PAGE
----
President of the 78th Session of the General Assembly, H.E. Dennis Francis, set the tone for what will be required of all global decision makers for a cohesive multilateral system built for the advancement of all people. He delivered a call to lead by example and a pledge of transparency from the very top of the UN-based system. He highlighted three key strategies: restore trust by “vehemently denouncing behavior that violates the cherished tenets of the UN Charter;” reassess meaningful and complementary engagement in the international system; and insist on inclusion through the empowerment and involvement of all populations.

Addressing the speed and complexity of modern challenges will require agile solutions that recognize our interdependence and are willing to think imaginatively about future partnerships and alliances that break from the existing international architecture. For this task, Former President of Liberia and Nobel Peace Laureate H.E. Ellen Johnson Sirleaf emphasized the need to “prioritize the most vulnerable, marginalized populations,” in the decision-making processes that most affect them as those “who bear the brunt of interconnected challenges.” She noted the particular significance of women’s participation as key for development and sustainable peace and an essential piece of the multilateral puzzle.

As a representative of states facing existential challenges, Permanent Representative of Costa Rica to the UN Maritza Chan, reminded the audience of the pivotal role that small states can play if we provide them with the necessary resources and expertise on emergent technologies and dare to unlock their potential to address global problems in areas where they may already be leading the charge, such as AI advancement. Meghna Abraham, Executive Director of the Center for Economic and Social Rights, provided a voice for the civil society sector on the panel. She advocated for civil society as the model to follow in going beyond proscriptive silos and fostering innovative responses. Abraham firmly asserted the presence of numerous opportunities for reform but noted the contingency of those opportunities for change on “a shift in power and a shift in resources.” Underpinning panelists’ talking points, was the sentiment that in order to change the system so that it will actually work for people, enable them to survive, and have ownership in the multilateral process, we will need mobilization across disciplines and attention to the many contradictions of the very system designed to protect them.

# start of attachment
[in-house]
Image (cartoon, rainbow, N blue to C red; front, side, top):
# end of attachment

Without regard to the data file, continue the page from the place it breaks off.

Read the report>>

Opening Remarks:
H.E. Dennis Francis, President of the 78th Session of the General Assembly

Lord Mark Malloch-Brown, President, Open Society Foundations
H.E. Ellen Johnson Sirleaf, Former President of Liberia, Nobel Peace Laureate, Former Chair of ECOWAS, Founder of the Ellen Johnson Presidential Center for Women and Development, Former Co-Chair of the Independent Panel for Pandemic Preparedness and Response, and Co-Chair of the UN Secretary-General’s High-Level Advisory Board on Effective Multilateralism (HLAB)
H.E. Maritza Chan, Permanent Representative of Costa Rica to the United Nations